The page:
Monday, June 30, 2008

A Summer of Irises: Iris Pallida is Llorando

L’Artisan Iris Pallida is an expensive but incredible fragrance.

According to Now Smell This,
Iris Pallida is based on Tuscan Iris, the symbol of Florence. The notes include lily of the valley, orange blossom, Turkish rose, anise, violet leaves, cedar, vetiver, iris absolute, ambrette seed, white musk, gaïac wood and patchouli.
I love Iris Pallida. I know it’s expensive. Really more expensive than it has any right to be, honestly. But at the same time, it moves me. Some scents are like that. When you smell them, they move you emotionally. To me, Iris Pallida is the saddest perfume in the world, and each and every time I smell it I have the sensation of a sob catching in the back of my throat.

It’s a beautiful iris, pure and strong. It's not rooty like some irises, or particularly flowery and sweet like others. It’s not a complex smell; it holds more or less the same scent on me for hours. There’s little change for initial application through dry down, though it does soften over time. To me, this softening completes the conveyance of the emotional moment, as though you are suddenly moved to tears by something, and then you feel a release as you give in and begin to cry after holding it back as long as you can. In fact, this video, this moment of music in film, is precisely how smelling Iris Pallida makes me feel:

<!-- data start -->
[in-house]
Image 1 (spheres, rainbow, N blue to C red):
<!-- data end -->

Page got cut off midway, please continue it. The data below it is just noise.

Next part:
What's more, Iris Pallida is a limited edition. So even though it is the most expensive perfume I can ever imagine myself buying, I might just do it. I've smelled quite a few irises now, but only this one is actually emotion in a bottle.

Video from David Lynch's film "Mulholland Drive."

Tuesday, June 17, 2008